The All-India Muslim League,(Urdu: آل انڈیا مسلم لیگ), was a political party which advocated the creation of a separate Muslim-majority nation, Pakistan. It emerged from the Aligarh Movement, formed originally to promote a modern education for Muslims. It was founded by the All India Muhammadan Educational Conference at Dhaka (now Bangladesh), in 1906, in the midst of the protests over the partition of Bengal in 1905. The goal was to define and advance Muslim agendas, protect Muslim rights in India, and present a unified Muslim voice to the British Raj which ruled India until 1947. The League until the late 1930s was not a mass organization but represented the landed and commercial Muslim interests of the United Provinces (today's Uttar Pradesh). The Muslim League played a decisive role during the 1940s in the Indian independence movement, as the driving force behind the division of India along religious lines and the creation of Pakistan as a Muslim state in 1947. After the independence of India and Pakistan, the League continued as a minor party in India, especially in Kerala, where it is often in government within a coalition with others. In Pakistan, the League formed the country's first government, but disintegrated during the 1950s following an army coup. One or more factions of the Muslim League have been in power in most of the civilian governments of Pakistan since 1947. In Bangladesh, the party was revived in 1976 and won 14 seats in 1979 parliamentary election. Since then its importance has reduced, rendering it insignificant in the political arena.
Muslim League, political organization of India and Pakistan, founded 1906 as the All-India Muslim League by Aga Khan III. Its original purpose was to safeguard the political rights of Muslims in India. An early leader in the League, Muhammad Iqbal, was one of the first to propose (1930) the creation of a separate Muslim India. By 1940, under the leadership of Muhammad Ali Jinnah, it had gained such power that, for the first time, it demanded the establishment of a Muslim state (Pakistan), despite the opposition of the Indian National Congress. During World War II the Congress was banned, but the League, which supported the British war effort, was allowed to function and gained strength. It won nearly all of the Muslim vote in the elections of 1946. The following year saw the division of the Indian subcontinent and the Muslim League became the major political party of newly formed Pakistan. By 1953, however, dissensions within the League had led to the formation of several different political parties.
Between 1958 and 1962, while martial law was in force under Muhammad Ayub Khan, the League was officially defunct. Later, the League reformed into two separate factions: the Convention Muslim League (under Ayub) and the Council Muslim League. This latter group joined a united front with other political parties in 1967 in opposition to the group led by Ayub. The Convention Muslim League ceased to exist when Ayub Khan resigned in 1969. The Council Muslim League, which had brought about the founding of Pakistan, was virtually eliminated from the political scene in the elections of 1970.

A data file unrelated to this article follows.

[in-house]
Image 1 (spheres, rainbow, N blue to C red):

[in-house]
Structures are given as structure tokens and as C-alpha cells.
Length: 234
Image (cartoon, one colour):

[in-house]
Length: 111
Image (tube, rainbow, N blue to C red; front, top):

Since the lifting of restrictions on political parties in 1985 a number of parties have used the name Pakistan Muslim League, but they have little real connection with the original Muslim League. The Muslim League survived as a minor party in India after partition, and since 1988 has splintered into several groups, the most important of which is the Indian Union Muslim League.
Read more about All-India Muslim League: Founding Fathers, Foundation, Early Years, Communalism Grows, Conception of Pakistan, Campaign For Pakistan, Impact On The Future Courses of India and Pakistan, Historical Versions
Other articles related to "muslims, muslim, muslim league":
... Ahmad Khan helped form the All-India Muslim League (AIML) ... in 1886 in order to uplift Western education, especially science and literature, among India's Muslims ... Muhammadan Anglo-Oriental College, motivated Muslim elites to propose expansion of educational uplift elsewhere, known as the Aligarh Movement ...
... Historically, Pakistan Muslim League can also refer to any of the following political parties in Pakistan Muslim League (Pakistan), the original successor of All-India ... Convention Muslim League, a political platform created by General Ayub Khan in 1962 when he became the President ... Council Muslim League, a party created by political leaders who opposed General Ayub Khan ...
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